As with anything new there always seems to be a little pushback. The best strategy to introducing something new is to start with the why? Why are you now offering online giving? Is it because everyone else is doing it? Is it because mega churches offer it and we want to be a mega church? I believe we need a more factual why.
The fact is, more and more people are carrying less and less cash. With every new deposit account opened fewer are ordering checks. So that means fewer people even own a checkbook. Passing a plate on Sunday as a primary means to collecting tithes and offerings is only allowing a portion of the people to participate.
Why do we offer online giving? It allows everyone an opportunity to be generous. Equal opportunity generosity.
Here are 4 ways you can kick start your online giving:
1. Explain It
Always start with your leadership and core team. Then move to the congregation. This allows for buy in and the opportunity to answer questions that may come up later on. Online giving is an opportunity for people to give who wouldn’t necessarily carry cash or a checkbook. It also allows an opportunity for people to give when they are unable to attend a service, whether they’re sick or on vacation they can still be engaged. It may also be important to explained what online giving is not. It is not a plan to get everyone to use plastic. Ensure people they can give and continue to give in whatever fashion is best for them. That is their call. We’re only adding an opportunity for more people to engage with generosity.
2. Demonstrate It
For the first few months of announcing online giving, we suggest you take some time to demonstrate it to a large portion of your people. Most of us have a designated offering time during the service. This is a great way to show the simplicity of the processes and how to reach the giving page from a computer or mobile device. Plus, it may also be a great time to get the Youth Pastor in front of the congregation doing something they may feel comfortable with.
If you can’t connect your computer to the video screen during a service and show what the system looks like and how easy it is to give. You may want to make it a point to visit small groups and classes to demonstrate in smaller settings.
There are tools like Reflector that allow you to mirror your phone screen on the main screen in your auditorium. Make a quick donation in a web browser or by text.
3. Promote It
This is the ongoing process. You certainly don’t need to explain and demonstrate online giving on a regular basis in your church. But you do need to mention it. Assuming you like new visitors in your church, you want them to know their giving options. Having a slide or a video (we can provide both at no cost to you) is a great way to keep the option out there. Having a mention in your bulletin or in your newsletter or printing it on your offering envelopes.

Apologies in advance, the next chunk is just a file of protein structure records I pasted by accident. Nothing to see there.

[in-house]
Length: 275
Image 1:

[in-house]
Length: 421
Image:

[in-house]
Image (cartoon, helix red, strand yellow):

Think about using something like this during your offering time:
“We’re going to invite the ushers to come forward to collect our tithes and offerings, I know some of you like to give online throughout the week, thank you for doing that. I also know there are some who came prepared to give today so I’m going to pray and the users are going to pass the buckets.”
Call it passive aggressive if you want, but it does 3 things: Lets online givers know you know they give, reminds people that there is an online option available, and allows everyone to feel comfortable about the way they choose to be generous.
4. Online ONLY Offering
Here’s the fun one. Try a Online Only Offering. Set a vision in front of the people. For example, as a church, you want to bless a specific missionary as they are working on a project. They fly to the mission field on Tuesday, so you would like the church to pray for them and bless them financially. Challenge people to get up on Tuesday, pray for them and give to the project online. Explain to them that only the funds that come in online on Tuesday will be sent to the missionary. (Be as strict on this as you want of course, if Phil calls the church office on Tuesday morning and says “I prayed for them today but my internet at home was down, can I bring a check on Sunday?” I’m not going to say, “No.”)
Create a fun opportunity to make an online only offering.
A pastor I know got up to introduce online giving in his church for the first time on a Sunday. He walked his congregation through the steps on the screen and gave $10 to buy a Fire Bible for a kid. Then he told the people, “Let’s see if we can break this thing! Everyone get out your phones and go to our website, click Give, and give 10 bucks for a Fire Bible.”
He failed in breaking the system, but they did raise $14,000 that morning for Fire Bibles.
Creating a process to explain, demonstrate and promote online giving will help your church get off to a great start and open opportunities for more people to connect with God through giving.